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7 steps to protect yourself from dreaded burnout

Half a million individuals suffer from work-related stress, depression or anxiety in the UK.

You’ve been focused, smart and dedicated. You’re on your way to what seems like an ideal goal snapping up other mini goals along the way. People praise you, promote you and tell you that you are indispensable. You’re in the game.

But something’s not right. You are awake when you ought to be asleep and when you do sleep it’s far from sound. When you do catch up with friends who are happy to meet you around your schedule your mind wanders back to work, that phone call, that email, that meeting. You eat on the go and at times when you can. Your mind and body have been working hard but seem so out of sync. Things are constantly playing on your mind. It feels heavy. Every once in a while you think of that sound sleep, each meal being an occasion, leisurely walks, friends, time that you are in control of.

But you’re a go-getter and you keep at it. You continue to cope.

You are probably one of the half million individuals suffering from work-related stress, depression or anxiety in the UK – at the cusp of ‘burning out’. It feels shit.

At Soulscape we’ve been devising ways to overcome burnout through creative and cultural journeys underpinned by lifting one’s wellness in non-pretentious, transaction free, hassle-free travel experiences.

Here are 7 steps to protect yourself from burning out:

1. Recognise that burnout is creeping up on you

Our bodies are great at giving us indications that something in our system isn’t right. Listen to it. Bad sleep, feeling anxious, not being able to switch off, losing appetite, irregular bodily functions… are all signs of that dreaded B word. One of the worst things you can do is to ignore the signs and keep pushing through. The fear of failure, your own ego for wanting to succeed and not wanting to let your team down are all familiar factors for wanting to ignore these signs – don’t.

2. Tell someone (it won’t make you weak)

The biggest mistake one can make is not share how they are feeling with another person you know cares. If you are wary of telling colleagues or friends then there are lots of organisations out there that you can reach out to. You won’t be judged because burnout is a real thing that can drastically affect a person’s mental and physical well being.

3. Start shifting your mindset – you are priority, not your work

This is something I am guilty of, always putting my work and my mission before by own wellbeing to a point where I have previously not only exhausted myself but the teams I am supposed to enable to do their best work too. It’s taken a long time for me to even say this to myself – I am the priority. Several cultures around the globe promote having a strong work ethic but this is often accompanied by a real grounding in well being for example the work ethic of the Chinese is admired and talked about as ‘super efficient’, this is accompanied by the prevalence of meditation, Tai Chi, Qi Gong and healthy foods (not to exclude herbal teas).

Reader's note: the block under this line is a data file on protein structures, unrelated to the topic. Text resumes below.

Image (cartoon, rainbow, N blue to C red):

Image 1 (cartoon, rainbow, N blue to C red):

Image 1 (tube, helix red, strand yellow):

4. Make daily physical activity a must

Just 20 mins. of physical activity each day can help bust stress. Your heart, mind and and body all work up a sweat and then relax. And there are so many great options too – from walking, running, cycling, badminton, hitting the gym, doing a class to having a go at ping pong, pilates, yoga… there are heaps of options. Break up your working day so that you definitely do something active in the morning, lunch time or in the evenings every day.

5. Get smart with food

I eat on the go – that’s my thing, and have managed to eat well despite having to compromise on the time I spend consuming food. The trick is simple – opt for healthier food options like wholesome salads, freshly cooked soups, street markets have fresh food (way better than superstores) and try and regulate your meal times – breakfast, lunch and an early dinner. A friend who’s a medic always keeps nuts and dry fruits in her pocket – great idea. I do this too now and am constantly nibbling in meetings. This will keep your metabolism going and will maintain good energy levels so much so that you won’t need those multiple doses of coffee!

6. Seek out new experiences

One way of regaining your balance is by exposing yourself to new experiences. From music, theatre, water activities like kayaking or water paddling to drawing, languages etc. there’s loads of stuff you can try. But the trick is to not judge till you’ve had a go. I love urban music but surprised myself while accidentally walking into a classical music gig. Now I actively go and see various performers and concerts. Sometimes I have company, and sometimes I don’t – that’s okay because I know there are a lot of people in the room just like myself.

7. Plan time for your time-off

This can be a day off each week, a week off or a longer break. You can also plan nuggets of time-off in the working week for example, make your lunch an hour long activity that you do where you don’t think about work, taking a walk, going for a run, people watching at a local cafe are all ways with which you can pause and rejuvenate.

Remember that your wellbeing is of utmost importance and that each person’s needs are different – what works for one may be different from what works for another. So, start with the mind and find out what works for your body.

Originally published at tosoulscape.com

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